Northern Michigan University is preparing to be fully operational this fall, returning to pre-pandemic levels of face-to-face instruction, services and campus activities. NMU President Fritz Erickson made the announcement during a virtual community forum March 16. He said Northern's ability to continue in-person classes and keep its residence halls open this academic year has increased his optimism for the approaching fall semester.
“Our goal is to be back to the way things were in 2019,” Erickson said. “That's our expectation and plan. There are various teams on campus working to put those steps in place. We see no reason at this point in time why that shouldn't happen, and we look forward to the vibrancy that's normally on campus to return.
“At the same time, we're making contingency plans because we're still living in an uncertain time. Our commitment is to continue following the science and directives of the CDC and Michigan Department of Health and Human Services. But we expect that when August comes, we will be ready to go. We're very excited about getting back to a normal set of operations. We've learned that what students want most of all is the interactive experience of face-to-face learning. That's what is guiding us as we prepare for the fall.”
Erickson said Northern is working hard to recover enrollment declines this year, when some students opted to remain home in the context of COVID-19. NMU previously made a decision to conduct its annual summer orientation sessions virtually because of the advance planning and effort required, along with uncertainty surrounding the pandemic at that time.
“One of the things we're focusing on right now is creating a conference-style approach to allowing students and their families to come up and experience Northern's campus and the Marquette community. Our team is working very hard to set that set up for the summer. It will draw a lot of folks to the area and will be a positive addition for us.”
Because most summer courses are delivered online, there won't be much impact on those. But Erickson said the university is planning summer academic and athletic camps for area youth. He added that NMU will be lifting all or most of its restrictions on campus visitors, effective June 15.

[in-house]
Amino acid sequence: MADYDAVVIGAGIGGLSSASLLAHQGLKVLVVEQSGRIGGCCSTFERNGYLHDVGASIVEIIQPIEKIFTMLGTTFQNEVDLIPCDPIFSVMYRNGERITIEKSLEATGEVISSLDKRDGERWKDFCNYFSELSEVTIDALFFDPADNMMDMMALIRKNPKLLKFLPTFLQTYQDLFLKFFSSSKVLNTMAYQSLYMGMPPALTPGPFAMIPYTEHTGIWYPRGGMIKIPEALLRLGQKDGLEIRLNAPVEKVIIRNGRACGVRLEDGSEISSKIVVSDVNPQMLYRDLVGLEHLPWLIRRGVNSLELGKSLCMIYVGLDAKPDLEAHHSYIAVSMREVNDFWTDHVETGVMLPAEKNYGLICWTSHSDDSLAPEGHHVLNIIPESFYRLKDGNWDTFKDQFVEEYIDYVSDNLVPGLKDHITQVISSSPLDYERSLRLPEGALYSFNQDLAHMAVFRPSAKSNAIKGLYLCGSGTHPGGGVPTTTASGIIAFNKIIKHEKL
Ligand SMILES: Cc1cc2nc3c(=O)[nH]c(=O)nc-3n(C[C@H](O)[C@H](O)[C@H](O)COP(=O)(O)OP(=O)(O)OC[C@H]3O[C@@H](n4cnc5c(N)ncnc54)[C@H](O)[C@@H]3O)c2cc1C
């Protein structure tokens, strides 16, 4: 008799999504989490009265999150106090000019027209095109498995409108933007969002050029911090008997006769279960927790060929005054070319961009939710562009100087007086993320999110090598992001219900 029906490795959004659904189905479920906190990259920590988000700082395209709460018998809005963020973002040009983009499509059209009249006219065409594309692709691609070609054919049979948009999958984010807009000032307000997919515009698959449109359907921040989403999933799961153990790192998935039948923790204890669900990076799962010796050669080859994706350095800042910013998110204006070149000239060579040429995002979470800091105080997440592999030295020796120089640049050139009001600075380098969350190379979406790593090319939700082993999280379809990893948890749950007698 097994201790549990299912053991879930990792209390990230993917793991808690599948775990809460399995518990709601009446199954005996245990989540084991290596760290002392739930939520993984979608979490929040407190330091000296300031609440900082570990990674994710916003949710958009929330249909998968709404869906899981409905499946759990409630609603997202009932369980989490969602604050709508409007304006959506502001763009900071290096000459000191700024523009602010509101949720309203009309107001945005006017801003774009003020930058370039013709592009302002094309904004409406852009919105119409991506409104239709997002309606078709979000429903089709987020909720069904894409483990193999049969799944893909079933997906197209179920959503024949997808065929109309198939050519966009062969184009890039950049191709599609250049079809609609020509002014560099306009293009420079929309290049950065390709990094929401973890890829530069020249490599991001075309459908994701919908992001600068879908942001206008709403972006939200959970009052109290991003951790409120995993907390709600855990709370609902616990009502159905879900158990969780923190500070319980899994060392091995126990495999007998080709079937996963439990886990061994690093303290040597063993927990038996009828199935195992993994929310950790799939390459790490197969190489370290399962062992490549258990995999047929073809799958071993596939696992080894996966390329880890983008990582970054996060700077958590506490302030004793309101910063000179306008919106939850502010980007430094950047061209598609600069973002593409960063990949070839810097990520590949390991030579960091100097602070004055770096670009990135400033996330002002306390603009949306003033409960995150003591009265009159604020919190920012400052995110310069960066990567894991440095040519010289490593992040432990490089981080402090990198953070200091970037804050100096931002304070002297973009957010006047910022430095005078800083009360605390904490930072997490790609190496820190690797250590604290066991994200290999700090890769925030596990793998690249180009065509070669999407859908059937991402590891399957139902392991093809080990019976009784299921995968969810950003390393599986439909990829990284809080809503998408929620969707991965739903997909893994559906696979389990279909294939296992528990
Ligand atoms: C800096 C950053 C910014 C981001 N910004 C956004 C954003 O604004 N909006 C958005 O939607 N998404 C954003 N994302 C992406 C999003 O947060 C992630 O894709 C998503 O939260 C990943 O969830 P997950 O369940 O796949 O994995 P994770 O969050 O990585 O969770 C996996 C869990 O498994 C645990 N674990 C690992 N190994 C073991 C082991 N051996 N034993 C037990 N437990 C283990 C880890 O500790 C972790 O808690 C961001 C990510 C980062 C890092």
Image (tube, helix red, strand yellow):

Erickson summarized the lessons learned over the past year during the pandemic:
-While succeeding in its commitment to remain open, NMU proved consistently flexible and adaptable, from responding to evolving safety protocols to the faculty's creative approaches to in-person, online and hybrid instruction.
-Students contributed by adjusting to new environments and learning tools, and in most cases doing their part to keep the COVID-19 case numbers relatively low.
-Mass testing of all students and employees at the start of each semester and double the number of follow-up monitoring tests this semester were helpful in gauging active cases and trends.
-Northern's notebook computer program and high-speed broadband provided through its Educational Access Network (EAN) were critical to students, faculty and staff. The EAN also benefited school districts and families in rural communities across the Upper Peninsula that previously had no internet and were suddenly confronted with the demands of virtual instruction.
-Relationships with various community groups are especially important during challenging times. Erickson used the Marquette County Health Department (MDHD) as an example. “They've done an absolutely outstanding job in the Northern Center of providing vaccines through a smooth and responsive system. They've also kept us updated with the latest information and guidance on how to manage it well.”
Erickson said NMU's Health Center is prepared to administer vaccines when an allotment becomes available. The university will follow the same priority group order and procedures as the MCHD. “Giving everyone the opportunity to be vaccinated is critical in order to have a successful fall opening,” he said.
View a recording of the full forum here.